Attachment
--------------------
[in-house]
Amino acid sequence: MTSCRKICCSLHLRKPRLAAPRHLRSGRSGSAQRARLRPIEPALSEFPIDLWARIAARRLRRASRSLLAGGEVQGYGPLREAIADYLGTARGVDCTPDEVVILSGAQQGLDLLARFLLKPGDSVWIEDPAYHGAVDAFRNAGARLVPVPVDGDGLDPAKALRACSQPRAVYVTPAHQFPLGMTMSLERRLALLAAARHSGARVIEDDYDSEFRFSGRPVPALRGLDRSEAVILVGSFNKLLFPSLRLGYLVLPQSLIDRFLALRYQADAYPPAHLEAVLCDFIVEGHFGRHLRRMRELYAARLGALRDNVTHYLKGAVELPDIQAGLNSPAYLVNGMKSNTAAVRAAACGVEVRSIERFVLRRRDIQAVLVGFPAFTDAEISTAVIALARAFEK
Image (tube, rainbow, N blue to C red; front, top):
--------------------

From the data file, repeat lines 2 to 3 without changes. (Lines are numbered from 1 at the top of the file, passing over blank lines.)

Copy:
Amino acid sequence: MTSCRKICCSLHLRKPRLAAPRHLRSGRSGSAQRARLRPIEPALSEFPIDLWARIAARRLRRASRSLLAGGEVQGYGPLREAIADYLGTARGVDCTPDEVVILSGAQQGLDLLARFLLKPGDSVWIEDPAYHGAVDAFRNAGARLVPVPVDGDGLDPAKALRACSQPRAVYVTPAHQFPLGMTMSLERRLALLAAARHSGARVIEDDYDSEFRFSGRPVPALRGLDRSEAVILVGSFNKLLFPSLRLGYLVLPQSLIDRFLALRYQADAYPPAHLEAVLCDFIVEGHFGRHLRRMRELYAARLGALRDNVTHYLKGAVELPDIQAGLNSPAYLVNGMKSNTAAVRAAACGVEVRSIERFVLRRRDIQAVLVGFPAFTDAEISTAVIALARAFEK
Image (tube, rainbow, N blue to C red; front, top):